The environmental sector won’t win unless there is a clear win for everyone

melissablog-intextIn 1996, the Southwest Network for Environmental and Economic Justice hosted forty people of colour and European American representatives in Jemez, New Mexico as part of the ‘Working group meeting on globalization and trade’. The aim was to find commonalities between the forty participants, representing different cultural and political backgrounds, and organisations. By the end of the meeting, six Jemez Principles for democratic organising were adopted. All six principles are worth reading, but for the purpose of this post, I will particularly focus on the fourth: work together in solidarity and mutuality. It reads:

 

“Groups working on similar issues with compatible visions should consciously act in solidarity, mutuality and support each other’s work. In the long run, a more significant step is to incorporate the goals and values of other groups with your own work, in order to build strong relationships. For instance, in the long run, it is more important that labour unions and community economic development projects include the issue of environmental sustainability in their own strategies, rather than just lending support to the environmental organizations. So communications, strategies and resource sharing is critical, to help us see our connections and build on these.”

The Jemez Principles are relevant for the UK
There is an opportunity to broaden the UK climate movement and turn the ideals of a greener, cleaner UK into reality. But this will not be successful if the environmental sector takes sole ownership of the climate movement and has sole influence on climate policies.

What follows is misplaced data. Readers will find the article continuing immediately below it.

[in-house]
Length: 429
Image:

One reason for defeat would be the lack of diversity – culturally, racially and socioeconomically – with the environment sector being one of the least diverse compared to other occupations. Distinct life experiences are being underrepresented and, whether intentionally or not, ignored, as climate and environmental programmes are devised.

Another reason for defeat would be that environmentalists are not compelled to be institutionally or intrinsically trained to analyse climate strategies through a just lens. The assumption is that, if you care about the environment, you also have the inherent awareness and knowledge to respect the needs of all people. Without an understanding of social justice issues or an embedded representation of people from a variety of backgrounds, the sector’s interpretation of what a just transition is will inevitably benefit some and not others.

We all want a better world
Justice and environmental organisations should be working more closely together, because we want the same thing: a better world. Both sectors are comprised of solution builders, yet the environmental and climate solutions presented tend to lack a collective, cross-sectoral dimension. So far, organisations in the UK have been missing an opportunity to collaborate, to merge solution building practices and connect with communities who are at the frontline of environmental breakdown and net zero transitions.

In many ways, the efforts of justice and environmental organisations go hand-in-hand, as the workers in both sectors aim to do what they believe is best for humanity. For example, the natural environment is not, necessarily, a social justice activist’s foremost concern, rather it will be access to healthcare services, workers’ rights and human rights. Yet, these concerns are highly relevant to ambitions like clean air, clean energy and sustainable building standards. Identifying shared goals and interests can foster new streams of communication and resources, complementing one another’s missions and strategies and making a net zero UK, with all its social and environmental benefits, an increasingly attainable goal.

These sectors can and should be taking full advantage of the plethora of intelligence that can be derived and shared mutually. Working with justice groups offers new perspectives and ideas which can ultimately help to bring new and less conventional actors on board in an inclusive climate movement.

And the environmental sector needs to understand how its proposals influence the people that social organisations represent. To develop and act on the ideas around a just transition, a cleaner Britain, or whatever you want to call it, responsibly and respectfully, both social and environmental sectors will have to embed the climate lens and the just lens within their respective strategies.

[Image by Gerd Altmann from Pixbay]

 

 

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